The Sacred Opportunity of Singleness

The Sacred Opportunity of Singleness

by Leslie Ludy | July 1, 2012

“One of the keys to being fulfilled and content is to be others-centered. When you live a poured-out life, you realize that you aren’t the only one struggling or waiting on the promises of God to be fulfilled in your life. It is hard for me to think about myself when there is a family living in a mud hut that has no food to eat and no bed to sleep in. It’s hard for me to think about my dreams when I am comforting a child who has just lost her mother to AIDS. It is hard for me to think about my desires when I live with 75 orphans who know the pain of rejection and abandonment.”

-Karris, 28 year-old single missionary

"Learning to be 'others-centered' is a massive cure for any type of ailment – single-sickness, depression, or anything else. For it is when we take our eyes off our own inadequacies and losses that we are truly able to be used for others. And as we are used to help others, our pain slowly goes away. (You can’t focus on two things at once!)"

-Mel, 32 year-old single nurse

Lydia was a beautiful, intelligent woman in her mid-thirties. A gifted teacher from Denmark, she had a thriving career and a seemingly perfect life. Her family was wealthy and respected, and she had recently become engaged to an attractive and successful man.

But something was missing from Lydia’s life. Inwardly, there was an inexplicable need for more. She had everything the world could offer – why did she feel so empty and unfulfilled?

In desperation, she began to wonder about God. She had never been a religious person, but for some reason she felt that maybe He was what her life was missing. Lydia did not know any Christians, so she realized that she would have to find out about God on her own. She pulled a dusty Bible from her bookshelf and began reading it. Night after night, she spent hours at her kitchen table – drinking coffee, smoking cigarettes, and pouring over the Scriptures. After several weeks, her heart was open and ready. She knew this was the Truth. And she knew she must surrender her life to this God who had died to rescue her.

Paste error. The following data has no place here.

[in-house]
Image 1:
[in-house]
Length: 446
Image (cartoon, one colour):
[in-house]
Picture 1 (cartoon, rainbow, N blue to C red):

Everything in Lydia’s life changed. Her addiction to alcohol and cigarettes was broken. Her love for late-night parties and concerts faded. Her desire for wealth and success was replaced by a longing to pour herself out for the least around the world. And her desire for marriage changed into an intense longing for intimacy with Jesus Christ.

Much to the astonishment of her family and friends, Lydia broke things off with her money-loving fiancé, walked away from her successful career, and gave all of the money in her savings account to a missionary who was starting an orphans home in Africa. And for months, she sought God and prayed about where she was to go, and what she was to do.

Out of all the things Lydia laid upon the altar during that season, giving up her prospects for marriage was the most difficult. Already in her mid-thirties, she knew that “time was running out” if she ever wanted to settle down and build a nest. But God was calling her to a life of radical abandonment to Him, and she trusted that He would be more than enough to sustain and fulfill her, even if He never brought a man into her life.